• Hey Vicky, thanks for commenting. There’s actually nothing I can add to your post, it’s too perfect and made me smile far too much!

      You’re right of course. The information that you’re talking about is all freely available if we look for it. Having said that, since working for WVON and since going to the West Bank, I’ve really had my eyes opened in a different way to the many, many dangerous complexities of the rise of the right across the world. I would almost say I’m in the process of being entirely radicalised as a result!

      I can’t help but think that prior to these experiences this year, even though I thought of myself as being quite switched on and politically aware, Rupert Murdoch had far more power in putting rose tinted glasses before my eyes……… 🙂

      Thanks again!

      • vicki wharton says:

        Glad to hear I made you smile – now I must get back to my porn mag and unwrap another Magnum bar!

  4. I am not a sociologist so it will not be fair for me to guess the reasons behind American apathy towards war which their own government waged based on lies to a weaker and an innocent nation. One can track it down to American Exceptionalism to geographical isolation, and or their understanding and tolerance of the level of violence.

    Surely most news coverage on war is censored and also passed on as video games with President Bush claiming victory dressed up in a flight suit, but also there are many organizations uncovering the truth and exposing the Government’s lies, including Hollywood. “Fair Game” is a great example of this exposure, but what did Americans do after watching this film? Have you seen them on the streets protesting, asking for Bush administration to explain? May be the protests are not being reported, but I can tell you as someone who is politically involved and aware, there were none in Florida. Even after torture pictures of Abhu Gharib prisoners were leaked, everyone was remarkably quite.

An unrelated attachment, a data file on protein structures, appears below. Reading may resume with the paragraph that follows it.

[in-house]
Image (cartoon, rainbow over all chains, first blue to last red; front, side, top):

While I can’t sleep at night knowing that my tax dollars are funding an amoral war where dead children are counted as casualties, most of my American friends do not even want to discuss it. May be Paulo Feire’s analysis can explain it, but you need an oppressed and oppressor in that case. I am sorry to sound callous but I don’t find Americans “oppressed”, most cities have libraries with free internet accesses, and US is still fairly an open society. One can find the truth by looking for it. While I demand honesty in all my interactions, some people are perfectly comfortable with secrets. Like Mark Twain said “Denial ain’t just a river in Egypt.” May be the magnitude of the crime is too heavy to face it. It is not easy to admit or acknowledge that you are an accomplice in murder.

  5. Excellent piece Sarah. Thanks so much for bringing this film to my attention- gutted I missed the screening (where was it?) but will catch it on ITV.

    • Sarah Cheverton says:

      The screening I went to was at the Curzon Soho cinema, London but I think there are still showings going on up and down the country. Check out John Pilger’s website to see if there are listings, maybe? It is still being shown on ITV catchup’s website, so you can still watch it from the comfort of your own home…. 🙂